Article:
We are back following the Easter break with our regular dose of compliance news.
SRA’s ‘safe space’ for innovation and simplification of waiver system
Following a consultation last year, on the 12th April the SRA confirmed that it was proceeding with plans to ‘make it easier for law firms to develop new ideas, including a ‘safe space’ for innovation’. This ‘safe space’ will be similar to the FCA’s ‘sandbox’, where there the SRA will confirm that it will take no enforcement action despite a technical breach of its rules. It also proposes to change the waiver system, stating that ‘by simplifying this process and making the criteria clearer, we want to help firms understand what might be possible’ . Changes to the waiver system will include publishing details of waivers granted and checks to ensure that decisions are consistent.
Why it matters
‘Innovation’ has been a buzz word in the Cube (aka SRA’s headquarters) for some time, so this news is not a great surprise. But are the profession as keen? A quick scan of comments in legal press and repeated remarks include ‘profession dumbing down’ or ‘regulation lite’, there is certainly concern among the profession that all these changes from the SRA do nothing to improve the profession. Simplifying the waiver process is in our view to be welcomed, and it will be interesting to see the results of what waivers were granted.
SRA’s money laundering packages of resources
The SRA has published its latest anti-money laundering guidance and review findings which is a useful resource for practitioners. It has also published a sectoral risk assessment, the first of its kind, which is an invaluable resource in highlighting the main areas of risk for the sector. In addition. the SRA’s warning notice was also updated on the 2nd March and reinforces the obligations of all regulated persons to comply with the Money Laundering regulations and highlights the warning signs identified by the Financial Action Task Force (FATF).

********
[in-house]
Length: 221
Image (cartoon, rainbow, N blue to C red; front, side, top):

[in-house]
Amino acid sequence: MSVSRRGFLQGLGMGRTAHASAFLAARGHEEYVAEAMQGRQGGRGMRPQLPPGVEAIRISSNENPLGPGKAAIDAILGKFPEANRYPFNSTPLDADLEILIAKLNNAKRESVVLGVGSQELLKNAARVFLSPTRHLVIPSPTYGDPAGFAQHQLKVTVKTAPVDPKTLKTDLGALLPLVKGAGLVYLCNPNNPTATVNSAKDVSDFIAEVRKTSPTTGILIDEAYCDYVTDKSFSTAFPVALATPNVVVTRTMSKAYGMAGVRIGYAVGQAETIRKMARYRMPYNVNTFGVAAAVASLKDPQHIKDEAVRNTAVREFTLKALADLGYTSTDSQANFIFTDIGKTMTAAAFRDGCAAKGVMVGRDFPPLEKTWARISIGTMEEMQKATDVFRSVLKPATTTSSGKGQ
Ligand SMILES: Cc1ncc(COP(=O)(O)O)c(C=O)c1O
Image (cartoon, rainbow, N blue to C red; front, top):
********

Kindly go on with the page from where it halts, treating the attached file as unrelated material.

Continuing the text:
Why it matters
The regulations have been in force for almost 10 months and there are no excuses for firms not to have ensured their policies and procedures are up to date. Both the guidance and the sectoral risk assessment should be essential reading for all practitioners, and certainly those working in management positions or working in high risk areas.
Claims Management Companies warned
The Claims Management Regulator has warned CMCs from using headlines that are sensationalising or misleading in ‘click-bait’ type advertising. It said that advertisement should contain information identifying the CMC At the outset before clicking the advert itself. This falls in line with other new restrictions brought in under the Conduct of Authorised Person Rules that came into force on the 1st April 2018. This includes a ban on fees being charged prior to any PPI or financial claims being concluded and CMCs precluded from chaging clients where ‘it is identified that the client does not have a relationship or relevant policy with the lender(s) for which a claim is submitted on their behalf’.